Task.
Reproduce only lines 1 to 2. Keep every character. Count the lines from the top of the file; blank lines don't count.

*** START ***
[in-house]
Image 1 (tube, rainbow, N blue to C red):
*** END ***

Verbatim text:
[in-house]
Image 1 (tube, rainbow, N blue to C red):